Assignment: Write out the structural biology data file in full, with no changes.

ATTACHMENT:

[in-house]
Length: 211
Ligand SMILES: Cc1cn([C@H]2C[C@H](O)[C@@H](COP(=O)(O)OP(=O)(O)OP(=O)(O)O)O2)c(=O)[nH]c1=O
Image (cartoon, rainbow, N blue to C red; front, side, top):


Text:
[in-house]
Length: 211
Ligand SMILES: Cc1cn([C@H]2C[C@H](O)[C@@H](COP(=O)(O)OP(=O)(O)OP(=O)(O)O)O2)c(=O)[nH]c1=O
Image (cartoon, rainbow, N blue to C red; front, side, top):